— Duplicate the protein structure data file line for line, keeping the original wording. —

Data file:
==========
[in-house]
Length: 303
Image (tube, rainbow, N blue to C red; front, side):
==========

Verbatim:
[in-house]
Length: 303
Image (tube, rainbow, N blue to C red; front, side):